Etymology
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Words related to livelihood

life (n.)

Old English life (dative lif) "animated corporeal existence; lifetime, period between birth and death; the history of an individual from birth to death, written account of a person's life; way of life (good or bad); condition of being a living thing, opposite of death; spiritual existence imparted by God, through Christ, to the believer," from Proto-Germanic *leiban (source also of Old Norse lif "life, body," Old Frisian, Old Saxon lif "life, person, body," Dutch lijf "body," Old High German lib "life," German Leib "body"), properly "continuance, perseverance," from PIE root *leip- "to stick, adhere."

The noun associated with live (v.) "to live," which is literally "to continue, remain." Extended 1703 to inanimate objects, "term of duration or existence." Sense of "vitality, energy in action, expression, etc." is from 1580s. Meaning "conspicuously active part of human existence, pleasures or pursuits of the world or society" is by 1770s. Meaning "cause or source of living" led to the sense "vivifying or animating principle," and thus "one who keeps things lively" in life of the party (1787). Meaning "imprisonment for life, a life sentence" is from 1903. Paired alliteratively with limb from 1640s. Not on your life "by no means" is attested from 1896.

In gaming, an additional turn at play for a character; this transferred use was prefigured by uses in card-playing (1806), billiards (1856), etc., in reference to a certain number of chances or required objects without which one's turn at the game fails. The life "the living form or model, semblance" is from 1590s. Life-and-death "of dire importance" is from 1822; life-or-death (adj.) is from 1897. Life-jacket is from 1840; life-preserver from 1630s of anything that is meant to save a life, 1803 of devices worn to prevent drowning. Life-saver is from 1883, figurative use from 1909, as a brand of hard sugar candy from 1912, so called for shape.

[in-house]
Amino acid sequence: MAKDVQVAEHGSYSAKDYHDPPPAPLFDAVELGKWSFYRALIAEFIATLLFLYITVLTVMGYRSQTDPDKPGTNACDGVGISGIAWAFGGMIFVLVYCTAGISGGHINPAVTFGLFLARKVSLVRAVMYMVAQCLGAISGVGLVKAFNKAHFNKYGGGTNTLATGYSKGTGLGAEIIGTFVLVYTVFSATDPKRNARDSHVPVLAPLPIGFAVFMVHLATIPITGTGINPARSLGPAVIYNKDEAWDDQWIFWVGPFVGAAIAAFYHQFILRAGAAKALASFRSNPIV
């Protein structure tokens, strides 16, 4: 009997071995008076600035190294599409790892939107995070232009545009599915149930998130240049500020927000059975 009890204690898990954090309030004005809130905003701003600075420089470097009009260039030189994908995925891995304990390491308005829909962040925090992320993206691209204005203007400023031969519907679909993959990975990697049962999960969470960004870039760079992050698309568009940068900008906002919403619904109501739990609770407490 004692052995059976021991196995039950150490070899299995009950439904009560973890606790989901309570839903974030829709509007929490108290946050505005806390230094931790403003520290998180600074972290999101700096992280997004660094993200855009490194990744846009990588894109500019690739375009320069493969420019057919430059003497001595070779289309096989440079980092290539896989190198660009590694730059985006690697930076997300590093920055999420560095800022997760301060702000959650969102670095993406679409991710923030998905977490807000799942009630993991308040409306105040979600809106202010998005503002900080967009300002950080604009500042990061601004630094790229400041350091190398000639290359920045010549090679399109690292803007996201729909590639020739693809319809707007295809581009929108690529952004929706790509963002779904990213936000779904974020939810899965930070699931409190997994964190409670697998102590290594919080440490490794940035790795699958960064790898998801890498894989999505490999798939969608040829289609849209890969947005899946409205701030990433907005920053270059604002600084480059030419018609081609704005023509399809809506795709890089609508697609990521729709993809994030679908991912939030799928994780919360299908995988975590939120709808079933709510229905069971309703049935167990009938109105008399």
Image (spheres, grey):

Life-form is from 1861; life-cycle is from 1855; life-expectancy from 1847; life-history in biology from 1870; life-science from 1935. Life-work "the labor to which one's life has been devoted" is from 1848. Expression this is the life is from 1919; verbal shrug that's life is from 1924 (earlier such is life, 1778).

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load (n.)

c. 1200, lode, lade "that which is laid upon a person or beast, burden," a sense extension from Old English lad "a way, a course, a carrying; a street, watercourse; maintenance, support," from Proto-Germanic *laitho (source also of Old High German leita, German leite, Old Norse leið "way, road, course"), from PIE root *leit- (2) "to go forth" (see lead (v.1)).

It seems to have expanded its range of senses in early Middle English, supplanting words based on lade (v.), to which it is not etymologically connected. The older senses went with the spelling lode (q.v.). The spelling is modern. Meaning "amount customarily loaded at one time" is from c. 1300; meaning "a quantity of strong drink taken" is from 1590s. Meaning "the charge of a firearm" is from 1690s.

Meaning "a great amount or number" (often loads) is from c.1600. Figurative sense of "burden weighing on the mind, heart, or soul" is first attested 1590s. Meaning "amount (of work, etc.) to be done by one person" is attested in compounds from 1939 (first was workload). Colloquial loads "lots, heaps" is attested from c. 1600. Phrase take a load off (one's) feet "sit down, relax" is from 1914, American English. Get a load of "take a look at" is American English colloquial, attested from 1929.

-hood 
word-forming element meaning "state or condition of being," from Old English -had "condition, quality, position" (as in cildhad "childhood," preosthad "priesthood," werhad "manhood"), cognate with German -heit/-keit, Dutch -heid, Old Frisian and Old Saxon -hed, all from Proto-Germanic *haidus "manner, quality," literally "bright appearance," from PIE (s)kai- (1) "bright, shining" (Cognates: Sanskrit ketu "brightness, appearance"). Originally a free-standing word (see hade); in Modern English it survives only in this suffix.
lively (adj.)
Old English liflic "living, existing," literally "life-like;" from life + -ly (2). The main modern sense of "active, energetic" developed by early 13c., from notion "full of life." For "full of life, vigorous," Old English had liffæst. The adverb is Old English liflice "vitally," from the adjective. Related: Liveliness.
lode (n.)
Middle English spelling of load (n.) "a burden," it keeps most of the word's original meaning "a way, a course, something to be followed." The differentiation in sense took place 16c., that of spelling somewhat later. Mining sense of "vein of metal ore" is from c. 1600, from the notion of miners "following" it through the rock. Also found in lodestone, lodestar, and, somewhat disguised, livelihood. Middle English also had lodesman (c. 1300) "leader, guide; pilot, steersman."